Leadership isn’t just about getting people to do what you want them to by barking orders or simply assuming the title of boss. It’s nuanced; a carefully studied skill that takes practice, an ability to take risks and the willingness to be wrong sometimes.
And that’s just what a group of area high school students set out to learn at a day-long workshop Friday, Nov. 6, hosted by the University of New Hampshire at Manchester and the group, Leadership Empowering Authentic Progress-- or LEAP.
“Essentially [the students] are going to explain to us what the problems are in their school and what they can use leadership to fix,” says Alex Craven, a 17-year-old senior at Souhegan High School and a member of LEAP. “We will be teaching them all of these leadership skills that they can apply to their school and community and hopefully work on it for the better.”
LEAP was founded by the Souhegan High School Ethics Forum in Amherst in partnership with UNH Manchester. The goal of the workshop was to help the students who came from Gilford, Raymond and Spaulding Memorial high schools to refine their leadership skills, learn how to address real world problems, connect with successful community leaders and ultimately, as Craven says, take what they learned back to their communities.
“The biggest thing that most people see as leadership is standing up in front of a bunch of people, being big, being strong,” says Sam Bannon, 17, who is also a member of LEAP and a senior at Souhegan. “So the whole point of today is not just to show people how to be a leader, but the different kinds of leaders they can be. Whether they’re an introverted person or extremely social, whatever their skill set may be, the whole point is to reach out to them and show them what they can do.
"That’s the whole idea of empowerment, that’s what LEAP is all about, we’re going to show them what they can do.”
To that end, LEAP keynote speaker, Staff Sergeant Ryan Pitts, Medal of Honor recipient and a graduate of both Souhegan High School and UNH Manchester, probably could have regaled students with tales of bravery and leading his troops into and out of battle. Instead, he spoke to them about one of the biggest mistakes he ever made in the service.
He told them of a time that, believing his fellow soldiers had been injured in by an Improvised Explosive Device while driving down the road in Afghanistan, Pitts broke protocol and announced there had been an IED attack and the need for medical help over a tactical radio channel. This action, called a nine-line, brings all radio traffic and action in the war to a halt while everyone waits to hear what has happened and help is called out.
The problem was, he was wrong. The driver had just been going too fast and had a rollover accident. The point of his story was two-fold: first, his supervisors didn’t berate him for his mistake. Instead, they treated him with respect and tried to teach him what he should do differently next time. They also recognized that, though what he did was wrong, he showed initiative and that this act along with his others shows of leadership, proved to them he should go for a chance to move up in rank and become a supervisor.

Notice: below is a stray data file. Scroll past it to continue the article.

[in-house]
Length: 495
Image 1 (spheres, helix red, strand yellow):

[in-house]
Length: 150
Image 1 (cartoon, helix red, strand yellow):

Pitts explained, one of the critical skills of being a leader is knowing how to fail forward, being willing to try something new and take a risk, but also willing to learn from mistakes. He also explained that becoming a leader wasn’t just something that happened to him, he had to learn how to do it. And he did that by taking lessons, both good and bad, from the leaders around him.
“All this time I spent leading,” Pitts says. “It was a continuous evolution….I was never done learning how to lead or learning from others. I think I learned just as much from that bad first leader I had that was volatile and inconsistent than I did from the really good leaders."
“When I think about the great principles of leadership, the Army has a great acronym to summarize the Army values. And the acronym is actually LDRSHIP. Loyalty, duty, respect, selfless service, honor, integrity and personal courage. Characteristics I think every good leader should have,” said Pitts.
Pitts also told students that it’s important to remember no leader does his or her work alone, and that he or she is reliant on the work of the team to move forward.
The power of a great partnership is something that stood out to Craven as he acknowledged the tremendous advantage LEAP had through its partnership with UNH Manchester. And Bannon added, “We wouldn’t be able to do this without them. UNH Manchester and Durham, they’ve both been super helpful. They’ve been super generous with money and time and facilities. They are pretty much the reason all of this is able to happen.”
As for the students attending the event, says Marisa Forti, Director of Student Development at UNH Manchester, learning these skills at such an early stage of their academic careers will serve them well in the long run.
“A lot of leadership is learned by experience and by trying things out and figuring out what doesn’t work and then figuring out what works for you and your leadership style,” she says. “So the more you can practice it proactively, the more you can really hone what your craft is, what your direction is and what your skills are. So I think the earlier you start and the more aware you are of leadership styles, and leadership traits and skills, the better able you are able to practice those over time to really get to what your direction is and really get to your concrete leadership style.”
Written by Melanie Plenda